When your company works with local nationals or an in-country partner, one of their greatest benefits to the business is their insight into local customs. Tap into their knowledge and apply your findings to your team’s global strategy. Ensure that your product or service is meeting the needs of your new market and adjust as necessary. Remember, stay agile. This rule of thumb applies to all areas of expansion international.

5. Be Committed

Growing your business into a new country takes dedication to not only your company but also the efforts associated with expanding overseas. There may be travel requirements for management teams, including yourself. Plus, you may be required to adapt to changes in day-to-day operations. The more cooperation from all levels of the organization, the more likely your company is to succeed.

A Company’s Options for Expansion International

Expanding overseas requires businesses to tackle new areas of compliance including employment liability, tax implications, and intellectual property (IP). If your company is new to international growth, there are lean methods that manage compliance while giving businesses the tools to hire employees and start operations with little to no overhead.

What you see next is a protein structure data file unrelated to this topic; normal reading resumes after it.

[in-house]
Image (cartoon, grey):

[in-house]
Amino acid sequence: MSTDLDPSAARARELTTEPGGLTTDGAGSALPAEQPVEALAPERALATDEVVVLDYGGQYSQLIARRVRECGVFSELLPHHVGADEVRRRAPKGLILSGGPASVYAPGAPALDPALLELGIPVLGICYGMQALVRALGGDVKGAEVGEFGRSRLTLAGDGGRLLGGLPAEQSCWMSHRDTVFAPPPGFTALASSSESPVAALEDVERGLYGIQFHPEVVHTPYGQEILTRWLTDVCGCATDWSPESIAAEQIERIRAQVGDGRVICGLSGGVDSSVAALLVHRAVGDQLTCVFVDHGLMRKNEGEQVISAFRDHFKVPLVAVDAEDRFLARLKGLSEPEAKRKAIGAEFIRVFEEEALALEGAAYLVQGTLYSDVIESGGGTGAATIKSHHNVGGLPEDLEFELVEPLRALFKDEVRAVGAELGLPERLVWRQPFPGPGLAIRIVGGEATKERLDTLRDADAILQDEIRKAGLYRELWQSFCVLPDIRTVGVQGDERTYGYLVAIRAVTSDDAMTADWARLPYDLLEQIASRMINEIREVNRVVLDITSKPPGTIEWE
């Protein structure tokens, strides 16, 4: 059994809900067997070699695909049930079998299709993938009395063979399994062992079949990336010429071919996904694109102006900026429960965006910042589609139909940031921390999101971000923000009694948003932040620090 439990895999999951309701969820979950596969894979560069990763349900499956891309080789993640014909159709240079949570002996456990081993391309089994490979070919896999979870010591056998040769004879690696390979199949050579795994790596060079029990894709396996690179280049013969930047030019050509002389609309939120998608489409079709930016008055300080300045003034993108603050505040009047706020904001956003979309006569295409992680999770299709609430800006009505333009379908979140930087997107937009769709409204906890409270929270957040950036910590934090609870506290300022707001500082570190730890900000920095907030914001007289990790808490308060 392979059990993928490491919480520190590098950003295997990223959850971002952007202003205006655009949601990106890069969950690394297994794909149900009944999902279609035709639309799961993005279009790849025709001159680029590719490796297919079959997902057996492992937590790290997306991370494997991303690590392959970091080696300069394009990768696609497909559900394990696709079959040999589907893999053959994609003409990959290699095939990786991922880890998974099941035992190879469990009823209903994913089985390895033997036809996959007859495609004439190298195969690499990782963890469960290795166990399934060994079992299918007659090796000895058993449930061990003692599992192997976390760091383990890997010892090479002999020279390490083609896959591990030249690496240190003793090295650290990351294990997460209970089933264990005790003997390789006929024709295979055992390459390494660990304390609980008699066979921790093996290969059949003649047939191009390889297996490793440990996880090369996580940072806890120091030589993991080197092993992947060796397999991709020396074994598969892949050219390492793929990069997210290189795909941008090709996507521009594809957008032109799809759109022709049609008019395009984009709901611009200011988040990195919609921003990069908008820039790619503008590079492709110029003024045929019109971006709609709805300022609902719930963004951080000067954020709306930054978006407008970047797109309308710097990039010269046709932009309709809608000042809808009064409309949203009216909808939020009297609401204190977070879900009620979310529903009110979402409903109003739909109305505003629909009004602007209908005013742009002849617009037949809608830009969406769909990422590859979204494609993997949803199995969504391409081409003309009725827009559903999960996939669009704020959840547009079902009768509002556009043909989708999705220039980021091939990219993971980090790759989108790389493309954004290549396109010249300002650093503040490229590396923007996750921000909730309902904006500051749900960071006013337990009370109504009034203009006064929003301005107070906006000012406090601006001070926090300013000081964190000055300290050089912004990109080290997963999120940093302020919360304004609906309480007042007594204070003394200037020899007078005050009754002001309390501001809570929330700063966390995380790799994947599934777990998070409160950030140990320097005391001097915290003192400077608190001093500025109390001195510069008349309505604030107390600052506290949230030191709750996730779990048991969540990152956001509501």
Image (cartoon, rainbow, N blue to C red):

For companies that have experience with international expansion and are ready to make a big commitment, they can take the traditional route and establish a foreign subsidiary. This option takes months and costs thousands of dollars. Plus, it requires businesses to manage tax implications, compliance, and labor law requirements on their own so they will need a host of resources. Only proceed with a foreign subsidiary if necessary.

1. International Independent Contractors

If you work with contractors in the States or know other businesses that work with these type of team members in their international activities, it’s important that you understand the risks involved when employing an international independent contractor. A foreign contractor is an individual who lives in your target country and works for a domestic company (headquartered in any other country) under a contract that isn’t an employment agreement.

This is a viable option for employment if you have a one-time project, time-based research, or a quick need that won’t expose your IP.